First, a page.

A look into the mind of Little Witch Academia’s Atsuko “Akko” Kagari

“Emotional pattern: yellow. Predictive ability: zero. Objectivity: zero. Traits: impulsive, selfish, pushy, simple, clumsy, carefree.”

-Croix’s personality analysis of Akko Kagari, Little Witch Academia, Episode 15

In Little Witch Academia Episode 15, modern magic professor Croix peers into Akko Kagari’s brain. The results are unsurprising. She has no natural ability. All of her top personality traits are negative — or at the very least, their complimentary nature is open to interpretation — although her yellow emotional pattern could be representative of bravery.

All of this matches what we already know of Akko’s character. From her in-universe actions to interviews with creator Yoh Yoshinari, Akko is not a complex entity. Wholly driven by her impulses and passions, she stumbles into most things by chance. This chance, or luck, is responsible for her acquisition of the Shiny Rod, an ancient magical artifact.

Does Akko care that it’s a powerful magical object? Not really. What matters to her most is that it was once owned by the witch she reveres: Shiny Chariot, or Chariot du Nord.

Akko’s empty-headed nature is hardly new to the anime protagonist. An overwhelming amount of anime default to a more generic character presumably to appeal to a wider audience. Akko somewhat fits this mold, very purposefully. She’s supposed to be an average person, not necessarily for audience-insert purposes — although it’s certainly easy to imagine young girls wanting to be Akko — but also because of her alternative role as a stand-in for an average artist or animator.

Even Akko’s character design is bland when compared to her group of friends. Lotte Jansson has short blonde hair, under-rim glasses, and freckles. Sucy Manbavaran has a sallow complexion, heavy-lidded eyes, and a toothy grin. Amanda O’Neill stands out immediately with shocking, bright hair, green eyes, and a very athletic build. Constanze Amalie von Braunschbank Albrechtsberger, Jasminka Antonenko, and of course, Diana Cavendish all stand out due to their character designs, all of which fit their personalities perfectly. By contrast, Akko is remarkably average.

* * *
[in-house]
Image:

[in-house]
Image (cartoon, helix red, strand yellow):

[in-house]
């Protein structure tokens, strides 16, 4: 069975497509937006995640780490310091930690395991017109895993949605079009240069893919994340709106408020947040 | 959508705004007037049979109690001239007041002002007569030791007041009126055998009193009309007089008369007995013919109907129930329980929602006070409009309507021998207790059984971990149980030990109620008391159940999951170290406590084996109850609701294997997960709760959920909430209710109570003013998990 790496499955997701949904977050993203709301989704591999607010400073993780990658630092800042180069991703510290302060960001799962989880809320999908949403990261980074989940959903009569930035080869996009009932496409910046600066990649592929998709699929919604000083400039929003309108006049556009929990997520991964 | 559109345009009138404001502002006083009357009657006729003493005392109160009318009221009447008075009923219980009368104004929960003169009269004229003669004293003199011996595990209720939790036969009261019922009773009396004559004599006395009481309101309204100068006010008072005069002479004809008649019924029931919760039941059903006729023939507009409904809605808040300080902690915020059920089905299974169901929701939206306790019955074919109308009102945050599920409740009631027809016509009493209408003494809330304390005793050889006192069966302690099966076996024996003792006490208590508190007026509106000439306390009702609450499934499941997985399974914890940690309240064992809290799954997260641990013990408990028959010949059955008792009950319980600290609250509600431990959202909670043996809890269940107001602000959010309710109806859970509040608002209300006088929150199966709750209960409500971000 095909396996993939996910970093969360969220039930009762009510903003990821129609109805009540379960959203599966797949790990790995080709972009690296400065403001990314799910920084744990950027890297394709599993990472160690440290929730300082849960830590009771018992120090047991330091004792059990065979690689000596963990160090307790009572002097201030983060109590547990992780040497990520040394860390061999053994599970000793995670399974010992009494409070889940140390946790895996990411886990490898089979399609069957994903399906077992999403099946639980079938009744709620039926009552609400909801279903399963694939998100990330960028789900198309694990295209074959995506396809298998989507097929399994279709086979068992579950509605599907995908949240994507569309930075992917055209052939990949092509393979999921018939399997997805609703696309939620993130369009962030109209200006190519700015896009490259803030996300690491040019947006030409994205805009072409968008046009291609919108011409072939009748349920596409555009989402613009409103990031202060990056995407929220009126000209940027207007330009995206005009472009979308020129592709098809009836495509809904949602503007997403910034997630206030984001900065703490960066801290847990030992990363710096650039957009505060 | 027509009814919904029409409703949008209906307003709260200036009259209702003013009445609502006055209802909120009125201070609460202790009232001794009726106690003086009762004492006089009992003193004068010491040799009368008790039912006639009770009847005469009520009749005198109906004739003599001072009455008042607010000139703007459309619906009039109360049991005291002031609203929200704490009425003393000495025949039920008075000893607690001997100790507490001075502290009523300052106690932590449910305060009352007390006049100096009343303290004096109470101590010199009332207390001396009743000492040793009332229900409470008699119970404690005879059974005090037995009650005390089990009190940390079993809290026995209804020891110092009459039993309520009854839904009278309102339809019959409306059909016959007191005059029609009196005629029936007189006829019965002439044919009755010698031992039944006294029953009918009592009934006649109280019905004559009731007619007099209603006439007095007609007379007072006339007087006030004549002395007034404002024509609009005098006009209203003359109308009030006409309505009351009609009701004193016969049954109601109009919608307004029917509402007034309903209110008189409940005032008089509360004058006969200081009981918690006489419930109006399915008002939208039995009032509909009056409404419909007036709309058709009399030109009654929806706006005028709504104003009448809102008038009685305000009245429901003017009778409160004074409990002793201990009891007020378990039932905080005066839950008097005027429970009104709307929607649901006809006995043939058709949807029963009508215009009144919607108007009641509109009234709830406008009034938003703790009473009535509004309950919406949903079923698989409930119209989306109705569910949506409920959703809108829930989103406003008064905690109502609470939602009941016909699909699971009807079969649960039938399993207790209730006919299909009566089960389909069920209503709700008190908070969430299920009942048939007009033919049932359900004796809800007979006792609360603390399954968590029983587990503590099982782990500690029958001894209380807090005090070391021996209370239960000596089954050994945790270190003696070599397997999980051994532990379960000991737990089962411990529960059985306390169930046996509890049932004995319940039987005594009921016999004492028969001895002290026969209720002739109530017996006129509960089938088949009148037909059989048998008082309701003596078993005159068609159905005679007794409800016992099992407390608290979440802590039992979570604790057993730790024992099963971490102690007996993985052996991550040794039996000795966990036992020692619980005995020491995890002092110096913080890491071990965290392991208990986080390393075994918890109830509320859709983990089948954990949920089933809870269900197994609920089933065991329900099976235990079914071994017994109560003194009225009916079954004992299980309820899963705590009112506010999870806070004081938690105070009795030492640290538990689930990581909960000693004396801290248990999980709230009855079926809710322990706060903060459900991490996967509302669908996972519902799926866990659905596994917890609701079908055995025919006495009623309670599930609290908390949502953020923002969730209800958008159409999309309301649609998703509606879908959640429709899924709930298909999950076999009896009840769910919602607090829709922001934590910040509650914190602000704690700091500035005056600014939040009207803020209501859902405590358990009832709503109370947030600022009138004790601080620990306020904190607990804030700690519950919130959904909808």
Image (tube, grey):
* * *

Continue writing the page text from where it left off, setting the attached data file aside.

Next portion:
Whatever Croix was expecting from Akko’s brain — presumably little, based on how easy it was for her to manipulate Akko into turning over the Shiny Rod (or Claiomh Solais) — it probably wasn’t something as simple as the images she received. Akko trying to fly and failing. Akko proclaiming the wonders of magic. Akko saying that she wants to be Shiny Chariot.

Above all else, Akko is simple. Through Croix’s analysis, we don’t learn anything new about Akko — arguably, neither does she, since these are all things that Akko has said publicly, multiple times, at a fairly high volume — but we do see what’s missing.

Akko has no ulterior motive.

In a world where every other character represents a path for reviving magic, including Akko herself, Akko is the only one who wants to revive magic for the joy of magic. She might want to fly before she can crawl, or animate master keyframes without putting in the effort, but she loves magic for the excitement and enchantment of it all. Even Diana, who was also inspired by Shiny Chariot as a young girl, went down the route of adhering to tradition, nurturing her talent into something truly awe-inspiring to both her peers and her elders.

It’s easy to characterize Akko as a selfish person, since she’s guided by her impulses and rarely restricts herself from doing exactly what she wants. However, her interest in magic, for lack of a better term, is pure.

 

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6 comments